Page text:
Posts: 6,172 +51
Earlier this week, it was reported that Zapata hoped to make the journey from Sangatte, which is near Calais in Northern France, to St Margaret's Bay in Dover, UK, flying 22 miles across the English channel.
Franky Zapata takes off in his bid to cross from France to England on his flyboard. The Frenchman's attempt failed a short time later when he missed a landing platform to refuel.— Sky News (@SkyNews) July 25, 2019
For more, head here: https://t.co/COSJht4y8U pic.twitter.com/G15dE73FlW
Zapata was aiming to complete his run in 20 minutes, keeping an average speed of 87 mph while traveling between 50 feet to 65 feet above the water. The Flyboard Air he used is powered by five mini turbo engines, which can produce around 250 horsepower each, giving it a top speed of about 118 mph.
Due to the length of the crossing, Zapata needed to make a single stop to refuel at the halfway point. Ten minutes after taking off, he went to land on a refueling vessel to replace his backpack, which carried 42 liters of kerosene. Waves caused a slight movement of the platform, causing him to miss by “a few centimeters” and plunge into the water. Zapata was wearing a life jacket and didn’t suffer any injuries.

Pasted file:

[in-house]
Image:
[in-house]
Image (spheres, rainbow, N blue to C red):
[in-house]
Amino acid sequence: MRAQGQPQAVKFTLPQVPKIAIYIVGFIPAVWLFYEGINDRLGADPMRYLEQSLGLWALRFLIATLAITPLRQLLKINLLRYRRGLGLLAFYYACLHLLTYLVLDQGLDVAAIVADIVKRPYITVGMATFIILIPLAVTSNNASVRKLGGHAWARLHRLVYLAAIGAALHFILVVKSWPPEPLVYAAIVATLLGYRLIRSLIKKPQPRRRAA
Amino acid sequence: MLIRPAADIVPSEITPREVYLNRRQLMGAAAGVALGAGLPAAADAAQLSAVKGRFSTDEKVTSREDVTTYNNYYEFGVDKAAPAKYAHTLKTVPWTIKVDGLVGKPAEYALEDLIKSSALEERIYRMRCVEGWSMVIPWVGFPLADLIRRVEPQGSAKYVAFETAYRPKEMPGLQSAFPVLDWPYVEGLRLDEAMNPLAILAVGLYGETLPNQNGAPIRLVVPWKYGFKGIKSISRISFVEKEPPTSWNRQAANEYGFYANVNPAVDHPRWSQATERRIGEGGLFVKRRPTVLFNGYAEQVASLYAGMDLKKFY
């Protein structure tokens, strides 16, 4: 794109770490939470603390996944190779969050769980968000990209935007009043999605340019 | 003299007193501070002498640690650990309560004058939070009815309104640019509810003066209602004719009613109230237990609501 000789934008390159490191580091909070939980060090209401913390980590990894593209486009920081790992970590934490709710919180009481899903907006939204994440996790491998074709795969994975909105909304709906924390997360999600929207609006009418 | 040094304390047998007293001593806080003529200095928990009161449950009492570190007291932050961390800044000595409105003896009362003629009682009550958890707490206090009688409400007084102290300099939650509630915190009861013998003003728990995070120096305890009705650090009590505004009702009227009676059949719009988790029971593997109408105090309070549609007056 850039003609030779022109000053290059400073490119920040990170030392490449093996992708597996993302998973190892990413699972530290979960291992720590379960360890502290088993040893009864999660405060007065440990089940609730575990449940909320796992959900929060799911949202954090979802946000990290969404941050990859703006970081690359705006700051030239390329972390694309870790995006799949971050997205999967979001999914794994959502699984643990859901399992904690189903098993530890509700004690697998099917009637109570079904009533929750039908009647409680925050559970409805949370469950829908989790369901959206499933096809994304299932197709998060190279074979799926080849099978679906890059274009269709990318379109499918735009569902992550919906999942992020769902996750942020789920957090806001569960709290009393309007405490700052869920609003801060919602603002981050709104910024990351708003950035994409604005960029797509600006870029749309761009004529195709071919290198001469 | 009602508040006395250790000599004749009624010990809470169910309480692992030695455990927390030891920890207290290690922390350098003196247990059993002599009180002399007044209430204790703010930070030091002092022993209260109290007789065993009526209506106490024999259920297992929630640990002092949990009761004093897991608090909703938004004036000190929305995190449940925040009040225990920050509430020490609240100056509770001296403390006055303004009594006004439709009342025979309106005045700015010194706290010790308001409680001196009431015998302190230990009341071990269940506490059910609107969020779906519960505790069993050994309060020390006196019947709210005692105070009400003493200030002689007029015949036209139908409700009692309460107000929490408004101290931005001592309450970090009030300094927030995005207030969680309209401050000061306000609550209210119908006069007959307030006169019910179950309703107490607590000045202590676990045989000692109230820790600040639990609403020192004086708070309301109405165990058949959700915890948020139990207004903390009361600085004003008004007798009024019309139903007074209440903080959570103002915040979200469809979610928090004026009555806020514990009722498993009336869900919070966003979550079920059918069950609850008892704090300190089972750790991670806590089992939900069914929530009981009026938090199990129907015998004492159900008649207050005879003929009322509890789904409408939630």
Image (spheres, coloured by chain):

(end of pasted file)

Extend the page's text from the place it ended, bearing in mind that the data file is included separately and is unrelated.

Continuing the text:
“We practiced this maneuver dozens of times in heavier seas, with platforms that moved more, without any problems,” said a member of his team.
Landing on a metal structure measuring just one square meter was always going to be difficult, and Zapata had given himself only a 50 percent chance of successfully making the crossing. The inventor blamed French Maritime officials for the failed attempt; they had refused to let him refuel the hoverboard in the air during the journey, forcing him to use the vessel instead.
While Zapata has previously been in trouble with France's Civil Aviation Authority for flying what it says is technically an aircraft too low over populated areas, the country’s Ministry of Defense gave him a 1.4 million Euro ($1.56 million) grant in December as it believes the Flyboard Air has military applications.